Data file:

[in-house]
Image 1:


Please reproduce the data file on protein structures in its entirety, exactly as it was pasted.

[in-house]
Image 1: